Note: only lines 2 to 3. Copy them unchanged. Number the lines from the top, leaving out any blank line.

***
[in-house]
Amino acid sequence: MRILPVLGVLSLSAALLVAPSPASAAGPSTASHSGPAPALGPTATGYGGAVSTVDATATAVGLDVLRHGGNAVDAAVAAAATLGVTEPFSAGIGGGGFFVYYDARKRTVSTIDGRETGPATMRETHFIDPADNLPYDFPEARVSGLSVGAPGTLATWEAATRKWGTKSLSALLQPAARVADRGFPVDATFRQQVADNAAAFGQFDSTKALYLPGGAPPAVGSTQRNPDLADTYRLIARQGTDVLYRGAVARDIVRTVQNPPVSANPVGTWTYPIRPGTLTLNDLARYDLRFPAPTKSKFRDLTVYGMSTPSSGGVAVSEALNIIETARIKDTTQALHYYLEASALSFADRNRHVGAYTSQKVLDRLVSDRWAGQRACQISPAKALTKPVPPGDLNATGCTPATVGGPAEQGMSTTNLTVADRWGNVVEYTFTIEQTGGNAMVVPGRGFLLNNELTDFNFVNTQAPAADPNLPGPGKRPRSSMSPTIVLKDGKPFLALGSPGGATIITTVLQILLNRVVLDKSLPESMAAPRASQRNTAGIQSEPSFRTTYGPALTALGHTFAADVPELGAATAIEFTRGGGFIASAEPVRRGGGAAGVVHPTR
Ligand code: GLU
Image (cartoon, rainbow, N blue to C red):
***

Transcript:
Amino acid sequence: MRILPVLGVLSLSAALLVAPSPASAAGPSTASHSGPAPALGPTATGYGGAVSTVDATATAVGLDVLRHGGNAVDAAVAAAATLGVTEPFSAGIGGGGFFVYYDARKRTVSTIDGRETGPATMRETHFIDPADNLPYDFPEARVSGLSVGAPGTLATWEAATRKWGTKSLSALLQPAARVADRGFPVDATFRQQVADNAAAFGQFDSTKALYLPGGAPPAVGSTQRNPDLADTYRLIARQGTDVLYRGAVARDIVRTVQNPPVSANPVGTWTYPIRPGTLTLNDLARYDLRFPAPTKSKFRDLTVYGMSTPSSGGVAVSEALNIIETARIKDTTQALHYYLEASALSFADRNRHVGAYTSQKVLDRLVSDRWAGQRACQISPAKALTKPVPPGDLNATGCTPATVGGPAEQGMSTTNLTVADRWGNVVEYTFTIEQTGGNAMVVPGRGFLLNNELTDFNFVNTQAPAADPNLPGPGKRPRSSMSPTIVLKDGKPFLALGSPGGATIITTVLQILLNRVVLDKSLPESMAAPRASQRNTAGIQSEPSFRTTYGPALTALGHTFAADVPELGAATAIEFTRGGGFIASAEPVRRGGGAAGVVHPTR
Ligand code: GLU